Literacy has gained a stronger role in the new national curriculum for basic education
The policies influencing reading dynamization are primarily on the responsibility of the Ministry of Education and Culture in Finland and different departments and networks underneath it, particularly the National Board of Education. Municipalities are in charge of individual public libraries and schools. 
The Finnish government determines the general objectives of basic education and the allocation of instructional time among subjects. The National Agency of Education, which reports to the Ministry of Education and Culture, decides on the objectives and the content of instruction and records them in the national core curriculum. Municipalities prepare their local curricula based on this national core curriculum, and they have significant freedom in organizing schooling. Respectively, schools and teachers have autonomy regarding pedagogical practices and methods of student assessment within the guidelines of the national and municipal curricula. Thus, the common core curriculum is open to local adaptation. The national curricula is renewed in 10-year cycles, the latest renewal process for basic education resulting at the implementation of a new curriculum from August 2016 onwards. [ibid]
Finland does not have a mandated curriculum for reading, though national curriculum guidelines are provided. For all nine grades of basic education in Finland, the national curriculum includes guidelines for teaching reading under the heading ‘mother tongue and literature’. The general objective of the national curriculum for mother tongue and literature is that students become active and responsible communicators and readers. Instruction must be founded on students’ linguistic and cultural skills, age and experience, and must offer opportunities for diversified communication, including reading, through which students can build identity and self-esteem. The focus in education in Finland is on learning rather than testing. [ibid]
In the new national curriculum for basic education (into force in 2016), literacy has gained even a stronger role than before since it has a separate chapter in the common part concerning all school subjects. The curriculum emphasize reading engagement, that is reading for pleasure, throughout educational levels. The guidelines for literacy are currently also very much defined in the context of ‘multiliteracy’. Multiliteracy has been defined as the competence to interpret, produce and value various kinds of texts in order to understand multiple forms of cultural communication and build one’s identity. The new curriculum also stresses the use of technology-mediated learning environments. The notion of multiliteracy includes critical literacy and also takes a step towards disciplinary literacy in all school subjects. [ibid]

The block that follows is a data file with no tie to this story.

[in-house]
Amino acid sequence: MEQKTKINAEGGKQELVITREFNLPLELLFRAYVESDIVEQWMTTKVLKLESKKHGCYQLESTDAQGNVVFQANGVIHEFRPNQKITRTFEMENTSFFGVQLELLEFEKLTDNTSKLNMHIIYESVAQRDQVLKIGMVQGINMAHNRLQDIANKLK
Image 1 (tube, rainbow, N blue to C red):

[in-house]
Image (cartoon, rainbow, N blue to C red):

In terms of pre-school curriculum, the emphasis is on emergent literacy and play-like activities. In primary school the curriculum focuses on teaching reading using phonics but also reading comprehension strategies are introduced already in grades 1-2. In lower secondary grades students are expected to develop further their reading strategies, engage in increasingly diverse literacy activities, and adopt critical literacy, also evaluate texts in information search contexts. In upper secondary level, literacy has a particularly strong focus on academic track but also in vocational curriculum literacy, integrated to the field of study, has a role. [ibid]
With regard to reading literature, objectives include diversifying students’ reading activities and deepening their knowledge of literature. These objectives are to be met by ensuring mastery of reading processes through specific emphasis on reading comprehension; choosing appropriate methods of reading; sharing reading experiences; interpreting literary texts; familiarizing students with different types of text in factual and fictional settings, as well as in genres central to Finnish culture; analyzing texts as structural and meaningful entities; evaluating verbal, visual, and auditory elements in texts as well as authors’ intentions and choices; summarizing texts; and evaluating values and attitudes concealed in writing and illustration. Literature instruction also should include reading complete works—both required and optional—as well as shorter texts of various genres. 
Overall, the new national curricula in all subjects have some new cross-curricular perspectives on thinking and learning, cultural competence, interaction and expression, multiliteracy, and ICT competence. There is a need to develop culture that would support both collaborative and individual learning. Instead of studying facts in discrete school subjects, learning should be phenomenon-based activity across curriculum in which students have an opportunity for “voice and choice”, participation and active role. In Finland, this means a new way of combining competency-based and subject-based teaching and learning. Nevertheless, the traditional school subjects will live on, though with less distinct borders and more collaboration in practice among them. 
The work for reading dynamization is done in close cooperation between civil society, ministry and its departments, municipalities, schools and public libraries. The most visible member of the flourishing civil society in promoting reading engagement is the Finnish Reading Centre.
Sources of information:
1] New Helsinki Central Library Oodi
2] PIRLS 2016 Encyclopedia, Finland
3] Literacy in Finland: Country Report. Children and adolescents. March 2016. ELINET European Literacy Policy Network.